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every one of them dedicated to move just some little piece of this system together. and i can think of them in a funnel. and all of that energy just funnels down to poor little old clay christensen. the benefit of all of those wonderful people who dedicated their lives to help me. and in the same way, people who cared for me enough that have prayed for me that i might respond to this. so even though it has been hard to just think about in our world how, in ways that aren't clear at the beginning, we're all helping each other is something that i just never had thought about before. >> you but also thought about you how you measure your life. >> yeah. i-- you know, i've seen big people and small people and i have been on the small side of things.
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but one day i was my stroke causes me to-- sometimes the words just don't come out. but they pass me over for an important new assignment. and i just wondered if i don't get that, what will i be? how will god measure my life at the end? and then i got an idiot simple insight. and that is that you and i because we have limit capabilities, if we tried to understand was's going on, we have to, we have to count things. and so a corporation's c.e.o. is in a bigger position than a lower level c.e.o.. and the bigger we preside over bigger things, the more important our life is. and that's the way we think.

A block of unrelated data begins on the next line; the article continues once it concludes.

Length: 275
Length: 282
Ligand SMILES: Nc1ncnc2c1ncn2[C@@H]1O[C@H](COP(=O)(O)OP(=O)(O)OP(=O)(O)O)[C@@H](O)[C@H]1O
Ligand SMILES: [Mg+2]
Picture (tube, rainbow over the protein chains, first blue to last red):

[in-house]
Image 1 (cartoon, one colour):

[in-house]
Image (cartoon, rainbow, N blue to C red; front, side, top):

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but god doesn't have to integrate above the level of individual people in order to have a perfect understanding of how the world works. and what that means is that when we, i come to the end of my life and i have my interview with him, he's to the going to worry about what positions i had, but rather he's going to say klay, let's just talk about this situation that i put you in. can you talk to me about the individual people whose lives you blessed by the talent that i gave you. and let's talk about what you did in that situation to help individual people be better because of what i gave to you. and because god measures only at the level of the individual, the way he will measure my life is the extend to-- extent to which which bless individual
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people with my love and what god gave to me. and that's how i came up with the idea of the article that how will god-- how will we measure your life. >> rose: and did you write this hoping that we would come to that conclusion before we reached the end? >> that's right. to know why we're here-- . >> rose: while we're here. >> that's right. is just of critical importance to guide our life. i just, i talk about this with my students every semester, one-on-one as a whole group. and so many of the very best people are going out to sea in a boat that has no rudder. as the storm is coming, if you don't have a sense for why are you here and why you are-- where you're going and how you manage the ship, it's a very difficult life